Difference Between Split or Raised Ranches

After we completed an architecture webinar last week, we thought it would be helpful to cover a common misunderstanding in the MLs data entry – the difference between a split level and raised ranch style of homes.  Here are two pictures with a summary that should help you see and note the differences.

Raised Ranch (enter, chose up or down)

Split Level Ranch (staggered levels)

Raised Ranch:  Think 2 levels, up and down: A style of home with 2 floors. From the main entrance, a flight of stairs leads to the main living areas on the upper level – and a flight of stairs leads down to the lower story at ground level or partially submerged below grade.

Split-Level:  Think staggered levels:  A style where floor levels are staggered, with either three or four levels.  Typically, enter to a living space (level 1), with short flights of stairs from the main living area to the bedrooms (level 2) and down to a den, basement and (sometimes) the garage (levels 3/4). Home is many times divided at the midsection of the house into a double-height zone with the garage below and the bedrooms above, and a slightly lowered section containing the front entrance, living room, dining room and kitchen. The main living level typically is built over a sunken basement.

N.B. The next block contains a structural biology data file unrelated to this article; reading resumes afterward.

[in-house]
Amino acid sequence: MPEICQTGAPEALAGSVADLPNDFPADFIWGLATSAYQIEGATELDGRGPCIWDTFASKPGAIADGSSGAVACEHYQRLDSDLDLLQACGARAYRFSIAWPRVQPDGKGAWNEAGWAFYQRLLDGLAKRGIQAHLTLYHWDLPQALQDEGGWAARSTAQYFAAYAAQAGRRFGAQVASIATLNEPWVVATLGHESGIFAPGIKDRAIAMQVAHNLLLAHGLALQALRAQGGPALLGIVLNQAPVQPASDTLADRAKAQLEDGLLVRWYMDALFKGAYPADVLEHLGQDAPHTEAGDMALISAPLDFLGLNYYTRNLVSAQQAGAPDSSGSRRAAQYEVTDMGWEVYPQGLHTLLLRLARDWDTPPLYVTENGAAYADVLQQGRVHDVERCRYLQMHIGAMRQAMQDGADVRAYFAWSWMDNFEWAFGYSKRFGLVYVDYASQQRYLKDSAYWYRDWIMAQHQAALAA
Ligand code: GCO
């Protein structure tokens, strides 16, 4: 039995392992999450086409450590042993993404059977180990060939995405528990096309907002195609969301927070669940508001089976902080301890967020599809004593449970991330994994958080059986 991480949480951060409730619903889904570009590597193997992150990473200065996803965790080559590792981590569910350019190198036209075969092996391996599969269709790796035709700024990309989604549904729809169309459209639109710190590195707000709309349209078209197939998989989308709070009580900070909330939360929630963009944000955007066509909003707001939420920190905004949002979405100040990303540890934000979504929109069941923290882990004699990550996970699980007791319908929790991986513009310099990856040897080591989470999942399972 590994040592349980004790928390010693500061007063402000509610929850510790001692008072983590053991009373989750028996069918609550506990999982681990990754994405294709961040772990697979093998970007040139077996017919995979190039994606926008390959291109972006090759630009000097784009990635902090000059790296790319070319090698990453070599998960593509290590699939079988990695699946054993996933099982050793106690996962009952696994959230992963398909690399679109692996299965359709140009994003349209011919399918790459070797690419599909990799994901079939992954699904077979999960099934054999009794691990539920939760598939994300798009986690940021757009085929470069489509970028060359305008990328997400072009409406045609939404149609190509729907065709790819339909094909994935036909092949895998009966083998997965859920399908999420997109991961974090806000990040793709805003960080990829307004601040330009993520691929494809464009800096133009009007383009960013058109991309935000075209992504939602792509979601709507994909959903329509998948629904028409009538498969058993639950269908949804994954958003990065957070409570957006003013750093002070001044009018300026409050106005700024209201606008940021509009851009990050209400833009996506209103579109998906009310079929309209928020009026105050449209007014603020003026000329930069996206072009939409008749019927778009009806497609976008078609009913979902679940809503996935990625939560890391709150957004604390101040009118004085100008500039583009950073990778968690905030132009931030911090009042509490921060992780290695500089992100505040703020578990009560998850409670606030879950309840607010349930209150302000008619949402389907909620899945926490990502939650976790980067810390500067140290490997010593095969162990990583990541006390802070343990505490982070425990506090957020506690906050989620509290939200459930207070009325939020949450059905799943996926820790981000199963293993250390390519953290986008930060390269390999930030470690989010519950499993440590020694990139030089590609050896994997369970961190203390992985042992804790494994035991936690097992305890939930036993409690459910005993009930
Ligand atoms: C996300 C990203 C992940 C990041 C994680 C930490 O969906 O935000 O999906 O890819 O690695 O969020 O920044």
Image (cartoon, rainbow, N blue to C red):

Raised Ranch style houses have many of these features: partially submerged basement with finished rooms and windows; low-pitched gable roof; asymmetrical; large windows: double-hung, sliding, and picture; sliding glass doors leading to a back yard patio, and little decorative detailing, aside from decorative shutters and porch-roof supports. While some use the term split-level to describe a raised ranch style, the true raised ranch style has only two levels, while a split-level home has three stories or more.